The Life of Mac Urquhart
Malcolm (Mac) Urquhart was born Dec. 12, 1913 in Alberta and spent his early years on a homestead that his father had started at the turn of the century. Like other rural children, he went to a one-room school, but he was sent to Edmonton for grades 10 and 11. Unfortunately, the Depression forced him to suspend his schooling, and he spent a year working full-time on the farm. By borrowing $300, which he later paid back, Mac was then able attend Normal School, which at the time provided training for future teachers.
Mac taught in a one-room schoolhouse for five years, covering all the grades from 1 to 11, but not necessarily at the same time. He also completed the courses for grade 12 during the first summer (at that time one could be a teacher without finishing high school). He later finished the first year of university by correspondence and summer school. Mac then went on to the University of Alberta, where he graduated in 1940, receiving their highest honour, the Governor General's Gold Medal. Also in 1940, the University of Chicago accepted him for doctoral work in Economics. Mac completed all the exams by the spring of 1942 and spent the next year teaching at MIT. However, before he finished his dissertation, W. A. Mackintosh (later Principal of Queen's University) called him to the Department of Finance in Ottawa to help with the war effort.
After the war, Mac arranged to take up an appointment at Queen's, which was to have begun in the spring of 1946. But the numbers of servicemen attending university was so great that Mac agreed to begin in the fall of 1945. He had a very heavy load of teaching and no time to prepare. He taught steadily through to the spring of 1947. At the same time, he was helping to develop a forecasting model in Ottawa that contributed to post-war reconstruction.
Mac spent his entire academic career at Queen's. During that time, he took several sabbatical leaves. As well, there was an interlude of 15 months in 1954-55, when he was in Karachi as an advisor to the Government of Pakistan. Mac was Head of the Department of Economics from 1964 to 1968, a period when many outstanding faculty were hired and Queen's established its graduate program as the strongest in Canada. He officially retired in 1979, but he remained active in teaching and research. His last publication, a paper on the development of Ontario in the early nineteenth century, appeared in the respected William and Mary Quarterly in 1999, when he was 86.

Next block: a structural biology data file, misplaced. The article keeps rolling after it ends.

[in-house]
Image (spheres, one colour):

Mac Urquhart has been among the most important figures in Canadian Economic History and Canadian Economics, generally. Historical Statistics of Canada (1965), of which he was primary editor, was the cornerstone of nearly all work in Canadian economic development for many years. It later provided the foundation for a second edition, produced by Statistics Canada. In 1993, Mac Urquhart's Gross National Product of Canada, 1870-1926, appeared. This extremely important book was the product of more than 10 years' work, involving a team of Canadian economic historians. The book and related articles have set the stage for the rewriting of the Canadian experience during this formative period.
In keeping with his stature, Mac received many awards and honours. He was elected a Fellow of the Royal Society of Canada in 1966 and was President (Academy of Humanities and Social Sciences) in 1975. In 1983, the Royal Society awarded him the Innis-Gérin Medal. Mac was also President of the Canadian Economics Association (1968-69), and he served on numerous executive boards concerned with empirical research. Among his many honours, Mac was the recipient of Killam Fellowships and was named Sir John A. MacDonald Professor of Economics at Queen's. He also received honorary degrees from Bishop's University (1985) and Queen's University (1991). In 1996, he received the Distinguished Alumni Award from the University of Alberta.
Mac's focus and undiminished interest in research and in Queen's was legendary. He was, at the same, for many years an avid fisherman, and throughout his life, an astute art collector, some of which he generously donated to the University. In 1969, Mac married Elizabeth Arrowsmith. An economist in her own right, she was an active participant in his research projects. In addition to Elizabeth, Mac is survived by Anne Arrowsmith and David Arrowsmith.
The Department is trying to raise money to establish a fund in honour of Mac Urquhart. Click here for some information about the fund.